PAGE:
Storm lashes Australian coast threatening homes
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Homes perched on Australia's stunning eastern coast were at risk of being swept away Tuesday, after days of driving rain, high winds and monster swells smashed the coastline.
The last 48 hours have brought fresh warnings of gale-force winds, rain and powerful surf to an area north of Sydney, where around 40 seafront properties have been damaged by successive storms in the last month.
"I've been living on this beach for 18 years," said resident Gordon Cahill "we've had various storm events come and go. This time we've been nailed."
Erosion has long posed a threat in the seaside town of Wamberal, destroying homes in the 1970s and again washing away huge swathes of the beachfront from properties in 2016. But as climate change drives rising sea levels and increases the frequency and severity of storms, the beach will be unlikely to recover as well between storms as it has done in the past.
The government estimates 39,000 buildings are located close to "soft" shorelines around Australia and are at risk of erosion.
Before the winter storms, residents of Wamberal had been campaigning for coastal protections to be built. Cahill, whose deck collapsed in the storm after the surf ripped away chunks from his neighbours' properties, has been living on the beach for 18 years and said sandstone blocks put in place by the original owners of the property had saved his home.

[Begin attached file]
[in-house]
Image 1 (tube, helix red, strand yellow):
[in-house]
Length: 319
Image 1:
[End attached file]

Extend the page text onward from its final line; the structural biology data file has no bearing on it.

He blamed local authorities for not allowing other residents to build similar protections. "We have been bringing this matter up with council for the best part of 30 years, through various organisations, through various people, after every storm, and it's always the same deafening silence," he said.
But since a devastating storm hit more than two weeks ago the response had been different, with emergency crews working to the very last minute to help prevent further damage to properties, dumping sandbags and tonnes of rocks.
Margaret Brice -- one of the few people to have remained to brave the latest weather -- said the episode was "devastating" and "nerve-racking." "You can feel the vibrations through the house, you go and look out every day and a little bit more has slipped away," she said as set after set of frothing foam chipped away at the already crumbling cliff face below.
Unlike some houses in the area, now directly endangered by erosion, her home had foundations driven into the bedrock but as the coast fell away, she wondered what would be left if nothing was done. "The garden is somewhere where we can't go," she said. "People are out of their homes."
When she built her home in 2001, she was told the local government was planning a revetment wall to protect the area but planning was still underway almost two decades later.
The Central Coast Council said in a statement on its website that a Sydney-based company had been appointed in May to prepare concept plans for a protection structure at Wamberal while further planning of the coastal management was ongoing.
Brice called on the authorities to act. "We don't want a situation where living rooms are the front line of defence." Both Brice and Cahill partially blamed inaction on the perception of the homes as luxurious beachfront mansions owned by the wealthy who did not need help.
"It's just easier to say that these are McMansions on the coast, worth millions of dollars and some of them are, some of them aren't ... there are people who've used life insurance policies to buy an investment property so they can have their future and then watching that fall away," Cahill said. "And it's tragic, it's really sad and it's unnecessary."